Zum Inhalt springen


Beyond weakly interacting massive particles (WIMPs), such as the lightest neutralino in supersymmetric theories (or composite dark particles), a promising candidate to explain the dark matter abundance in the universe is the axion. It arises in the Peccei-Quinn solution to the strong CP problem as a Pseudo-Goldstone boson of a spontaneously broken U(1)pQ, leading to a CP conserving vacuum. Interestingly, it can be embedded together with the flavon, that addresses the flavor hierarchies (see Flavor Physics), in a single complex scalar Φ [1], connecting flavor physics with cosmology via a solution to the strong CP problem.

Flavor changing couplings of this axiflavon as well as its interaction with photons gaγγ are predicted to good accuracy in terms of SM fermion masses. The plot shows the predicted correlation between the axion mass ma and gaγγ together with various experimental constraints. In addition to cosmological limits and axion searches, new results from flavor physics (in particular the expected NA62 limit on the decay K+ → π+a, depicted as a dashed blue line) are going to constrain significantly the viable parameter space.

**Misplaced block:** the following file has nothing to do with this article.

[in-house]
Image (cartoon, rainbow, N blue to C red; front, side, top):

Replacing the µ2 term with a dimension six operator |H|62 seems a phenomenologically viable option to break electroweak symmetry [2]. Beyond that, it has interesting consequences on cosmology. In fact, the modified Higgs potential leads to a strong first order phase transition, just as required to generate the correct baryon abundance via electroweak baryogenesis [2,3], see plot on the left.

[1] L. Calibbi, FG, D. Redigolo, R. Ziegler, J. Zupan, 1612.08040
[2] FG, PRD 94 (2016) 015013
[3] C. Grojean, G. Servant, J. Wells, PRD71 (2005) 036001